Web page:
Akin to a chicken laying an egg, a female skate will lay a small egg case (3 to 4 inches long) that holds a young skate inside. Unlike a chicken, though, mother skate will not incubate the egg case. Instead, the skate egg case attaches itself to a pier, piling, or a rock on the sea floor for up to five to six months.

Once washed up on the beach, the egg case is usually empty. The young fish having already hatched out sometime before by breaking a seam on the side of the purse. Holding the egg cases in my hand, I could notice that the seam had been broken on all of them. A good sign of new life in the bay.

Yet, Skate egg cases were not the only unusual biological thing  to be found on this breezy day in Port Monmouth. Off down the edge of the bay, something else weird looking caught my eye.

Mixed in with the countless debris and trash was the remains of an adult skate. At first the dead skate looked like a prehistoric find, unearthed in some archeological dig. Yet, here in front of me was an example of the constant life-and-death struggle that the strenuous urban estuarine environment imposes on all of its inhabitants. The predator-prey relationship in an enormous watery food web.

There was not much here to look at. No doubt the gulls, hermit crabs, and other coastal scavengers  had a feast. Not a huge kill here either, but notable as a relic of unseen life in the bay.

From what I could see the critter appeared as a Clearnose Skate. It's my best guess. The snout was pointed like a Clearnose Skate, and the area around the nose was still semitransparent. The disc was wider than long, the tail was longer than the body, and the tail had three rows of sharp thorns. There were spines on the back too. All features of a Clearnose Skate, a common sea creature. The critter was small though, less than a foot in total disk width.

Although nearly impossible to determine what exactly caused the death of this poor critter, the discovery does follow soon after Hurricane Sandy. By and large, Clearnose Skates leave the bay sometime in autumn to migrate offshore and swim south for the winter.  The fish are sensitive to cold temperatures.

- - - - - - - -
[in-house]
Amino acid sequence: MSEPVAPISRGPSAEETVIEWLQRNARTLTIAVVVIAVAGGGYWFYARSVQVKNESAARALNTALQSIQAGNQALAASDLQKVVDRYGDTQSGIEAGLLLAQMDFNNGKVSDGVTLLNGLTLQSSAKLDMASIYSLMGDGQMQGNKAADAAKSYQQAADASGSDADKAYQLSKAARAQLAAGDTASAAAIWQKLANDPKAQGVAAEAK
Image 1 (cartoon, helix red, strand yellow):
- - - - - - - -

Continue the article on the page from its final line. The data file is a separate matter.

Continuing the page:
Possibly this skate kicked the bucket from old age or too much stress, or eaten by a predator, such as another skate, ray, or a seal in the violent turbid waters of Hurricane Sandy. It may well have suffocated by an inversion in the water from strong winds or a steep drop in temperature at night that brought about less oxygen to the bottom of the bay. Whatever it was, this small skate isn't talking.

Yet, while one poor skate is gone, it is heartening to know that all of the empty egg cases lying on the beach signify the renewal of life. A new generation of skates have escaped the wrath of Sandy to live another day. Their world will not be easy, though, battered by surf, storms, and threatened by predators and pollution, but they have the opportunity now to perpetuate the species and be part of the great battle for survival in this hard and hectic urban estuary near New York City.

For more information, pictures and year-round sightings of wildlife in or near Sandy Hook Bay, please check out my blog entitled, Nature on the Edge of New York City at http://natureontheedgenyc.blogspot.com/

This post is contributed by a community member. The views expressed in this blog are those of the author and do not necessarily reflect those of Patch Media Corporation. Everyone is welcome to submit a post to Patch. If you'd like to post a blog, go here to get started.